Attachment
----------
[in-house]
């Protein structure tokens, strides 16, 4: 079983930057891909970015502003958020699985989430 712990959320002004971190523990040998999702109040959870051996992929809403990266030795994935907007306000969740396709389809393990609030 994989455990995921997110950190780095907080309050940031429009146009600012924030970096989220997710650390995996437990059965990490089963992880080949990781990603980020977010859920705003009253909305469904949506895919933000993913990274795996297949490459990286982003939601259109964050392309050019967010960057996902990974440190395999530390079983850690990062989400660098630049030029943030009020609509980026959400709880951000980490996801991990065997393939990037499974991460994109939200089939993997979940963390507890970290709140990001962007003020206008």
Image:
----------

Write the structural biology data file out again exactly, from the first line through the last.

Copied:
[in-house]
């Protein structure tokens, strides 16, 4: 079983930057891909970015502003958020699985989430 712990959320002004971190523990040998999702109040959870051996992929809403990266030795994935907007306000969740396709389809393990609030 994989455990995921997110950190780095907080309050940031429009146009600012924030970096989220997710650390995996437990059965990490089963992880080949990781990603980020977010859920705003009253909305469904949506895919933000993913990274795996297949490459990286982003939601259109964050392309050019967010960057996902990974440190395999530390079983850690990062989400660098630049030029943030009020609509980026959400709880951000980490996801991990065997393939990037499974991460994109939200089939993997979940963390507890970290709140990001962007003020206008």
Image: